August 20, 2013
Although bear attacks are a relatively rare occurrence, a string of incidents in the U.S. this last week has many people concerned.
Seven people have been attacked in five different states, including a 12-year-old girl in Michigan who was mauled while jogging. A hunter was also attacked in Alaska, where he spent 36 hours in Arctic National Park before search and rescue teams could locate him. Two researchers were charged by a grizzly in Idaho, two hikers were attacked by a sow at Yellowstone National Park and a camper was bitten in her tent in Colorado.
The Michigan girl, Abby Wetherell, was chased down by a black bear and suffered deep gashes to her legs and back while jogging on a trail near her grandparents' home in Cadillac, Mich. Wetherell needed more than 100 stitches to close up her wounds but was still able to run back home after the attack. Wetherell said she thought it was the end for her.
"I was thinking, this is it, I am a goner," she told ABC News Sunday. "All of a sudden, the bear stopped me and put me down on ground, scraping me and clawing me. So I was, like, petting it. I don't know where that came from. But, I just thought maybe if I petted it, it would like me.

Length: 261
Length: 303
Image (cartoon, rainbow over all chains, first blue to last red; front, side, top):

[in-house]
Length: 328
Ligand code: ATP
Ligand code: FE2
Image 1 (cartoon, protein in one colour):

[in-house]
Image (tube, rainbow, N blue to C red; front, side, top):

"Well, that did not work so, then it just got me again. And then I heard that you should play dead. So that's what I did. And then it kind of went away and then it looked back and then it just took off."
The rash of bear attacks this past week raises the question as to why so many have happened in a relatively short span of time. According to Harry Reynolds, vice president of the International Association for Bear Research and Management, it may just be a matter of happenstance.
"I think the recent attacks are circumstance and not any larger outside issue weighing into the attacks," he told CNN. "In past years in Alaska, when there are berry failures, the bears may be more aggressive in looking for food. But this year was a good crop. I really think the recent bear attacks are just circumstance — people in the wrong time at the wrong place."
While not typical, the rise in attacks also coincides with the summer months, which are prime time for tourists and outdoor enthusiasts. As more people venture into wilderness areas where bears live, it's only logical that interactions would increase. If you need a few pointers on how to fend off a bear attack — or you just need a good laugh — there's also one reporter's attempt to demonstrate bear survival skills.